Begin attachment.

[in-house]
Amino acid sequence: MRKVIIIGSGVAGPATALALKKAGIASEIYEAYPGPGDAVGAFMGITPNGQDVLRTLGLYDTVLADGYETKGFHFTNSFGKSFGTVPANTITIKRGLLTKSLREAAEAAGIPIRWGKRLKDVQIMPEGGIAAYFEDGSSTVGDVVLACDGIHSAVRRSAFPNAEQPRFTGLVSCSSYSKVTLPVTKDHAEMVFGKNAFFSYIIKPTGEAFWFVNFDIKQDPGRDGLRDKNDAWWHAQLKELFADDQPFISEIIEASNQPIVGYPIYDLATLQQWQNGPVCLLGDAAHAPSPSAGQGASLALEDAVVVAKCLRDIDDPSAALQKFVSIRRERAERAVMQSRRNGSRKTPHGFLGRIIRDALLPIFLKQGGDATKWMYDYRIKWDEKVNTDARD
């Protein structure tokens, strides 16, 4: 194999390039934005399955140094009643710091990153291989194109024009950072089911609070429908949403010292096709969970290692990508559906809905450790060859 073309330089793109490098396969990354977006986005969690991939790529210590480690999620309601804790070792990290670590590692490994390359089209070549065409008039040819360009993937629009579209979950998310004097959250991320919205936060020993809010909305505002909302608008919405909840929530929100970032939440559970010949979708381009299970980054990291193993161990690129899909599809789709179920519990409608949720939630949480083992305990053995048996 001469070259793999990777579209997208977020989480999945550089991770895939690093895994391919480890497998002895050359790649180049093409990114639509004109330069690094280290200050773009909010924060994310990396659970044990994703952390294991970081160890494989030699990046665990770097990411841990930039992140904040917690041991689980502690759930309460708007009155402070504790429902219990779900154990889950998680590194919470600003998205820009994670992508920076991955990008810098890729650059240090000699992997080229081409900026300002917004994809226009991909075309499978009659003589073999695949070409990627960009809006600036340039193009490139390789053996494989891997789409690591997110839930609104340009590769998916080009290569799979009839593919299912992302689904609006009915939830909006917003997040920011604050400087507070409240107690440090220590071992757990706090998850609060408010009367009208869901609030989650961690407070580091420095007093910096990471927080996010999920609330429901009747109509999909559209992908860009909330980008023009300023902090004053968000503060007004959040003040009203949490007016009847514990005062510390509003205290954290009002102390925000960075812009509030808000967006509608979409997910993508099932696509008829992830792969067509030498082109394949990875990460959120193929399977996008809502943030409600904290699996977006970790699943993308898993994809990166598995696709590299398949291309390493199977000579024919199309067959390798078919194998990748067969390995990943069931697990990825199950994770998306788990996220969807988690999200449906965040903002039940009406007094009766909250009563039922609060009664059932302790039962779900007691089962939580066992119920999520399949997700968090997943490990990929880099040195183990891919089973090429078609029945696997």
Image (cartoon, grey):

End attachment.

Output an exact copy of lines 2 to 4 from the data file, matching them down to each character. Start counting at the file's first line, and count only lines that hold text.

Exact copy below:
Amino acid sequence: MRKVIIIGSGVAGPATALALKKAGIASEIYEAYPGPGDAVGAFMGITPNGQDVLRTLGLYDTVLADGYETKGFHFTNSFGKSFGTVPANTITIKRGLLTKSLREAAEAAGIPIRWGKRLKDVQIMPEGGIAAYFEDGSSTVGDVVLACDGIHSAVRRSAFPNAEQPRFTGLVSCSSYSKVTLPVTKDHAEMVFGKNAFFSYIIKPTGEAFWFVNFDIKQDPGRDGLRDKNDAWWHAQLKELFADDQPFISEIIEASNQPIVGYPIYDLATLQQWQNGPVCLLGDAAHAPSPSAGQGASLALEDAVVVAKCLRDIDDPSAALQKFVSIRRERAERAVMQSRRNGSRKTPHGFLGRIIRDALLPIFLKQGGDATKWMYDYRIKWDEKVNTDARD
């Protein structure tokens, strides 16, 4: 194999390039934005399955140094009643710091990153291989194109024009950072089911609070429908949403010292096709969970290692990508559906809905450790060859 073309330089793109490098396969990354977006986005969690991939790529210590480690999620309601804790070792990290670590590692490994390359089209070549065409008039040819360009993937629009579209979950998310004097959250991320919205936060020993809010909305505002909302608008919405909840929530929100970032939440559970010949979708381009299970980054990291193993161990690129899909599809789709179920519990409608949720939630949480083992305990053995048996 001469070259793999990777579209997208977020989480999945550089991770895939690093895994391919480890497998002895050359790649180049093409990114639509004109330069690094280290200050773009909010924060994310990396659970044990994703952390294991970081160890494989030699990046665990770097990411841990930039992140904040917690041991689980502690759930309460708007009155402070504790429902219990779900154990889950998680590194919470600003998205820009994670992508920076991955990008810098890729650059240090000699992997080229081409900026300002917004994809226009991909075309499978009659003589073999695949070409990627960009809006600036340039193009490139390789053996494989891997789409690591997110839930609104340009590769998916080009290569799979009839593919299912992302689904609006009915939830909006917003997040920011604050400087507070409240107690440090220590071992757990706090998850609060408010009367009208869901609030989650961690407070580091420095007093910096990471927080996010999920609330429901009747109509999909559209992908860009909330980008023009300023902090004053968000503060007004959040003040009203949490007016009847514990005062510390509003205290954290009002102390925000960075812009509030808000967006509608979409997910993508099932696509008829992830792969067509030498082109394949990875990460959120193929399977996008809502943030409600904290699996977006970790699943993308898993994809990166598995696709590299398949291309390493199977000579024919199309067959390798078919194998990748067969390995990943069931697990990825199950994770998306788990996220969807988690999200449906965040903002039940009406007094009766909250009563039922609060009664059932302790039962779900007691089962939580066992119920999520399949997700968090997943490990990929880099040195183990891919089973090429078609029945696997």
Image (cartoon, grey):